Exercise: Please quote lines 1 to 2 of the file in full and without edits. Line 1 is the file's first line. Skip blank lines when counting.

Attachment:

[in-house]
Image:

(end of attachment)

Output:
[in-house]
Image: